Allen Toussaint was born in Gert Town, New Orleans in 1938 and grew up in a family that loved music. Clarence, his father was a railway worker who played the trumpet with a big band at weekends and his mother, Naomi, loved opera. Young Toussaint became steeped in gospel music and, inspired by Albert Ammons and Pinetop Smith, learned to play boogie-woogie on the piano.
Is was however, Professor Longhair, who would make the greatest impact on the young piano player.
Naomi was keen to develop his talent and at the age of eight sent him for piano tuition in the junior music school of Xavier University of Louisiana, Gert Town. His tuition was short because as his mother admitted to him “It’s too late the boogie-woogie’s has got you.” At 13 he and a friend, Snooks Eaglin (guitar), formed a group called the Flamingos and played at school dances. He soon progressed to playing at the Dew Drop Inn in New Orleans, deputised for Huey “Piano” Smith, and was soon recruited by the local bandleader Dave Bartholomew. He recognised a star in the making and substituted the young Toussaint at a concert Fats Domino was unable to attend. The young piano player proved a great success and recorded his debut album in 1958, The Wild Sound of New Orleans.
In 1960 he became A&R man for the Minit label and wrote and produced Fortune Teller for Benny Spellman, Mother-in-Law for Ernie K-Doe, and It’s Raining for Irma Thomas, among many others.
"Ruler of My Heart" recorded by Irma Thomas and the song was subsequently re- recorded by Otis Redding under the title "Pain in My Heart", then later by The Rolling Stones on their second album.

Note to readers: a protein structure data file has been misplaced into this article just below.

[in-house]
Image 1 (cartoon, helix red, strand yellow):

Allen was drafted into the US army in 1963, but his music still remained popular and Al Hirt scored a Top 5 hit with Java; and Whipped Cream, became the title track of an album by Herb Alpert and the Tijuana Brass in 1964.
Back from the army, Allen formed Sea-Saint Studio with Marshall Sehorn, and reunited with Lee Dorsey. He had previously produced “Ya Ya” in 1961, but then went on to have hits with "Ride Your Pony," "Working in the Coal Mine" and "Holy Cow."
Toussaint played a pivotal role of formulating the unique style of soul, funk and R&B that became emblematic of New Orleans. He produced the early recordings of the Meters, featuring Art Neville, including Cissy Strut and Look-Ka Py Py.
The Meters became the backing band at the Sea-Saint Studio which had now become the go-to place for local musicians like Mac Rebennack (aka Dr. John). In 1971 Allen produced In the Right Place which became a hit album for Dr John.
Others followed and soon Allen was producing albums for a wide range of talent including: Robert Palmer, Jess Roden, Frankie Miller. Little Feat, and Boz Scaggs, among many others.
In 1974 Toussaint arranged and produced LaBelle’s New Orleans-flavoured disco classic Lady Marmalade, and a year later he played on McCartney’s album Venus and Mars.
Despite commitment to other artists he found time for a solo career and released two successful albums in the 70s, Whisper to a Scream and Southern Nights.
Later when Glen Campbell covered "Southern Nights" it became a number one on the Pop, Country and Adult-Contemporary charts.
Allen Toussaint moved to New York after Hurricane Katrina hit New Orleans and there collaborated with Elvis Costello on an album about the disaster called The River in Reverse (2006),
Whist exiled in New York he accepted an offer to play a regular Sunday brunch session at an East Village pub. He enjoyed it so much he started to appear at festivals and clubs around the world. He continued to perform, produce and record up until his untimely death in 2015, aged 77.